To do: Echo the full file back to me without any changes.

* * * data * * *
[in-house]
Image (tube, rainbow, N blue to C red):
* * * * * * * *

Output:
[in-house]
Image (tube, rainbow, N blue to C red):